You can see this as the exact reversal of, for example, a marketing agency, which stereotypically has always been trying to sell through its website and is now getting its collective head around the idea of information, learning and content as the very top of the sales funnel.
So, I’ll give honourable mention to a couple of big galleries, and then move on to the meat of the post, which has been hijacked by my enthusiasm for Tate.org.uk, a website mottled with the sublime.
Web design by its very nature continues to evolve, as it must, to make the most of modern browsers and the likes of HTML5, CSS3 and JQuery, and to provide a wonderful user experience for tablet and smartphone owners.
Nowadays there is plenty of opportunity to stand out from the crowd, by being ahead of the curve, or by embracing new techniques that can help you to improve the performance of your website.
So I thought I’d round up some of the more recent trends in experiential web design. I say ‘experiential’ because I’m less interested in seeing whether drop shadows have made a comeback.
The focus of this article is primarily about the aspects of web design that directly affect the user experience, rather than particular stylistic trends to do with the look and feel.
Great designers understand how to design for user interaction, and how to encourage new user behaviours and habits. World-class designers introduce emotion and have fun along the way.
Some of these trends aren’t just-out-of-the-oven new, but they’re in here because they’ve become adopted by the mainstream. I have included other design features because they rock, and I’d like to see them on more websites.
It’s worth pointing out that user experience professionals are on the fence about some of these things. Do leave a comment if you feel strongly, one way or another, and be sure to let me know what I’ve missed.
Due to the global appeal of the Premier League and the fact that most fans buy tickets online you would have thought that e-commerce was a valuable revenue earner for top flight football teams.
However a quick look at the homepages of the nation’s top clubs suggests that they don’t see UX as a top priority.
It would be easy to say that with the amount of money in football they should probably spend some of it on user-testing, but I’ll rise above that and instead I’ll simply point out some of the more obvious flaws that clubs should be looking to address.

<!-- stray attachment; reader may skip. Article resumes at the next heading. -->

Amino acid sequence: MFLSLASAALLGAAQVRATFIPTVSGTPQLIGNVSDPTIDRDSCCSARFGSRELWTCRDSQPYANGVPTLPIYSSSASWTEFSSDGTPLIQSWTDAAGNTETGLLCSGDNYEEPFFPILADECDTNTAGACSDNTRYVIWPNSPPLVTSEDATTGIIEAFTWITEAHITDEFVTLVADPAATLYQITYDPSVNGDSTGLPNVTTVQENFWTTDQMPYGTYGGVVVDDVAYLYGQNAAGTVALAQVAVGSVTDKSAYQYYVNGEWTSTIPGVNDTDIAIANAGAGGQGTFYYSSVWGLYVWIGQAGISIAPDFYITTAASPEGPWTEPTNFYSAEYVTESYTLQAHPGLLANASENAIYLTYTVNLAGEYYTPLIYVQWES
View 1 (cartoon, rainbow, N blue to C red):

For more information on the digital strategies of Premier League clubs, check out our blog which ranks the teams' search and social performances.
Last week Asda launched a new photo website claiming that it is “the easiest and most convenient to use in the United Kingdom.”
It sells a range of personalised products including canvases, pet beds, mugs and stationary.
Customers can upload images directly from their computer or social networks. So now any photos you’ve uploaded to Facebook, Picasa, Instagram or Twitter can be turned into a personalised dog’s bed.
Never one to turn down a challenge, I thought it would be interesting to test Asda’s claim that it’s the UK’s most user-friendly photo site and see if there were any glaring UX errors.
It is the little things in life that count, according to the old adage, and this is certainly true as far as user experience is concerned. The devil really is in the detail.
All too often some minor oversight on a website makes me furrow my brow, but more and more websites are taking a microscopic approach to user experience and interface design, and the results can be useful, amusing, fun, and functional.
I thought I’d share some of my favourites, as well as a bunch from Little Big Details, a fantastic website that collects these examples of smart user-focused design. It has hundreds to browse through, so if you're interested in UX design then do check it out.